To people who aren’t used to working out, a solid 20 minutes of exercise might seem like torture. Athletes who are trying to maximize their endurance, though, may well consider a 20-minute training session to be too short to deliver any meaningful results.
If better endurance is your ultimate goal, you probably tend to gravitate towards extend workouts in the one-hour range. Did you know there are some highly effective 20-minute workouts for endurance athletes out there, though?
Here are four key benefits delivered by shorter workouts:
1) 20 minutes is long enough to burn off some significant calories, which can help you stay closer to your ideal racing weight. To plug some numbers into a basic example, let’s say you’re a runner who weighs 150 pounds. 20 minutes spent running at moderate intensity will burn 280 calories. If you drop the occasional longer run out of your schedule (say once every 10 days), you could make up your deficit and even burn 10,000 extra calories in the course of a year by using 20-minute runs instead of longer ones.
2) Workouts for endurance athletes aren’t just about burning calories or building stamina. In a 20-minute workout, you’ll be repeating the same motions you use during competition. Efficient movement is a big part of doing well in endurance sports, whether you’re running, swimming, or cycling. Every little bit of practice you get helps you become more efficient.
3) Using 20-minute workouts lets you increase your total amount of glycogen turnover while training. According to a study conducted in Scotland, total training volume actually matters more to marathon performance than the distance run in individual training sessions. That means a runner who never pushes past 16 miles in any given training run will still do better than one who does 22-mile runs provided the former runner covers 50 miles a week and the latter runner only racks up 40.
To revisit the issue of glycogen turnover, it works like this: Depleting the levels of glycogen stored in the muscles over and over is the best way to build endurance. Training more frequently and more heavily will add to your total level of glycogen depletion, delivering better endurance improvements.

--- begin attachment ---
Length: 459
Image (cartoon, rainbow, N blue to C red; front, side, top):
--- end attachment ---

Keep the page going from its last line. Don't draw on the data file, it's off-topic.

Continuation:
4) Shorter workouts for endurance athletes are a great way to incorporate high-intensity training into your overall workout plan. Pushing close to or past your anaerobic threshold can deliver big benefits, and you don’t need to spend that long doing it to realize them.
If you’re training for a marathon or other endurance event, you have two main ways to make 20-minute workouts a useful part of your exercise regimen. The first strategy is to substitute a 20-minute workout for a longer session whenever your schedule makes it impossible to do a full session.
Alternatively, you can make your overall schedule more aggressive and productive by adding 20-minute workouts on top of the work you’re already doing. This nudges up your total volume of training without putting you at risk of overtraining.
Great 20-minute workouts for endurance building include:
1) The Filler
This is a zero-stress way to get your heart rate up without a lot of stress. Just run, ride, or swim at a comfortable pace for 20 minutes. It’ll keep you from feeling guilty about letting a day slip by without training, but it won’t subject you to any undue strain.
2) Tabata Intervals
This workout starts with moderate activity for the first 16 minutes. You should finish off your session by doing eight maximum-intensity sprints for 20 seconds apiece. Take no more than 10-second breaks to recover in between.
3) Threshold Session
This calls for a light, five-minute warmup followed by 15 minutes of hard work at your anaerobic threshold. Aim for the kind of pace you could maintain for at least an hour in competition.
4) Fartlek Intervals
Spend the majority of your workout moving at a steady, moderate pace, but make sure you drop in five to 10 30-second bursts of high intensity.
5) Progression Exercise
Spend 15 minutes moving at a steady pace and then pour it on for a five-minute blowout at the end.
6) Time Trials
- For Swimmers: After warming up, swim 800 meters as quickly as possible. Stretch your cool-down period to cover the remainder of the 20-minute session.
- For Cyclists: As above, but use five km as your goal.
- For Runners: As above, using 1 mile as your goal.